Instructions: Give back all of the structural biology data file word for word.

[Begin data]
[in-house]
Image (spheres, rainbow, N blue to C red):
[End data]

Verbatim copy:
[in-house]
Image (spheres, rainbow, N blue to C red):